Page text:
Like a shot from the past and a nod to the future all in one, Seasons (Waiting on You), the opening song from Future Islands fourth LP, is a case study in how to write pop.
It's got a beat. You can dance to it. It goes off like a rocket in the chorus, and doesn't overstay it's welcome. Coupled with simple lyrics, Seasons… manages a fine balance between cheesy and classic pop, while Samuel Herring’s distinctive vocals help keep it fresh.
Seasons change /
And I tried hard just to soften you /
And seasons change /
And I've grown tired of trying to change for you
Other singers may treat these couplets without the heart beating earnest of Herring, and it wouldn't work. At its heart, this is the key to the success of previous Arcade Fire instant classics, We Used To Wait and Afterlife. Win Butler plays the lyrics with a straight bat, which allows us to bypass their mundanity; We Used To Wait is literally a song about the mail.
As it breaks, the summer will wake /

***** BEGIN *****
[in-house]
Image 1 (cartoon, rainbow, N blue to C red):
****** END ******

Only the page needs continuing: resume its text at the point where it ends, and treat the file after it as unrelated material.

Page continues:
But the winter will wash what is left of the taste /
As it breaks, the summer will warm /
But the winter will crave what is gone /
Will crave what has all gone away
William Cashion on bass manages to construct a neat driving hook, reminiscent of cleaner version of the Magic Numbers Take A Chance, or even the Bobby Fuller Four's (actual classic) Let Her Dance. Crucially, Future Islands are confident enough to let the bass take the lead throughout, while allowing Gerrit Welmers's keys to set the tone. The relatively stripped back effect this gives to the verses means that the "fuck yeah" inducing chorus punches above its four-to-the-floor material.
It's an effective technique, and one that Miley Cyrus attempted to employ in her fairly execrable Wrecking Ball, and subsequently inverted by Haim to good effect in their cover of the same song. The reason it falls down for Cyrus is due in no small part to the technically proficient but emotionally devoid singing throughout the rest of the song, and is further hampered by the lack of variation. Where Wrecking Ball relies on orchestral and vocal backing to sell Cyrus as anything more than an autotuned robot, Seasons… lets Herring's vocals do all the emotional legwork.
Future Islands almost pick up where Chairlift left off in early 2012’s I Belong In Your Arms (and, yes, that's the Japanese version), creating a slice of pure pop that succeeds because of its slight idiosyncrasies. It's an instant classic, if only for having helped bring the below gif into the world.